There is a small group of workers at Nash UNC Health Care that have a rock star-like following when they do their rounds visiting patients and offering therapy.
Cooper, Tucker, Elsie, Lily, Ziva, Molly and Birdie are pet therapy dogs at Nash UNC and always leave the people they cross paths with feeling better than they did before. Handlers include Tosha Aldridge, Don Campbell, Peggy Wendling, Tamera Dengler, and Lisa Holland.
Nash UNC volunteer coordinator Leslie Spencer said the canines that take part in the Caring Canines of Nash UNC Health Care offer patients and hospital employees a brief reprieve from whatever kind of stress they’re feeling.
“There’s just something about petting that soft head and seeing those kind eyes that just makes you feel better. It’s not something you or I or even a doctor can do for a patient. It’s a unique therapy that only a dog can offer,” Spencer said.
Dr. Michael Holland, a Boice-Willis nephrologist, sometimes lets a pet therapist accompany him when checking on patients at Nash UNC.
Holland said most people respond in a positive manner to a friendly, approachable dog.
“I believe that seeing a therapy dog triggers pleasant memories that can bring about an emotional response, which may be relaxing and calming,” he said. “Many studies have demonstrated the benefits of positive emotional attitudes upon healing, even down to the level of the immune response to disease or injury. Every little bit of help that can be added to our ability to care for patients is welcome.”
Holland’s wife, Lisa, and the couple’s registered therapy dog, Birdie, regularly visit patients at Nash UNC.
Birdie did her training as a puppy before her first birthday and then went through the training and testing process after she turned one. She’s been a registered therapy dog since December 2017 and visits nursing homes, schools and Nash UNC.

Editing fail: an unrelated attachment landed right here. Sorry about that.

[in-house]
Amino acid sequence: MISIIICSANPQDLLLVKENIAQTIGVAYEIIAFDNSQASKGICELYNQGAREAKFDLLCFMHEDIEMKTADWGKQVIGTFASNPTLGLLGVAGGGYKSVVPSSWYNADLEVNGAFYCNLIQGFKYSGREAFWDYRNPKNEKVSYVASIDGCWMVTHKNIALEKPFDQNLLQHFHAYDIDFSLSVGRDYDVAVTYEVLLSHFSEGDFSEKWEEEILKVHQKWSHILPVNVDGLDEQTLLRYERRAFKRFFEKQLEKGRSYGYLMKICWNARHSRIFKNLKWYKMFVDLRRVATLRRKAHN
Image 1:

Lisa Holland said Birdie is tall enough to let bedridden patients lean over and pet her.
“She knows the ‘Paws Up’ command, which is when she puts her paws on the side of the bed to allow for easy access for petting,” Lisa Holland said. “She is trained not to lick, but loves getting petted.”
Nash UNC only allows registered therapy dogs to visit patients and staff in the building and they must be pre-approved for the Caring Canines of Nash UNC.
Peggy Wendling, handler for Tucker and Cooper, a pair of golden retriever therapy dogs, said training is rigorous for the dogs and handlers. She said both Tucker and Cooper started the process with obedience training before they took the AKC Canine Good Citizenship exam. She said the exam is a good barometer to determine if a dog will be a good candidate for therapy work.
“All three of us are trained, tested and registered through PetPartners Organization, a national company. We have to retest every two years. Pet Partners and Alliance of Therapy Dogs are the two organizations that Nash UNC Health Care works with to provide pet therapy services,” Wendling said. “I think that the training process is rigorous so you can be certain that the therapy dogs are obedient, pleasant and safe to be around.”
Amy Winham, director of service and operational excellence at Nash UNC, said pet therapy is a great addition to the services Nash UNC Health Care provides.
“The pet therapy program brings much joy as we strive to create a compassionate and caring experience for all patients and families we serve,” she said. “We have found that pet therapy also fosters employee engagement as staff look forward each week to the visits.”
Tamera Dengler and her registered pet therapy dog Elsie have been offering comfort and joy since 2013.
Dengler said it takes a lot of training and time to offer high-quality pet therapy. She said she takes the time to visit patients with Elsie because she’s seen it can make a difference to patients.
“Recently, we were visiting a group setting of about eight patients and Elsie was making her rounds walking to each patient, one at a time,” Dengler said. “One patient seemed disinterested and Elise sensed this and passed him by. On her second pass by each patient, this patient reached out his hand toward Elsie. I noticed his smile and a tear running down his cheek. Another patient remarked that was the first time she’d seen him smile that week.”
Good girl, Elsie.
Nash UNC is always looking for more registered service and therapy animals to serve as volunteers. If you’d like more information about the Caring Canines of Nash UNC, contact Leslie Spencer at (252) 962-8118. Nash UNC does not participate in the training or official registration process for any service animals.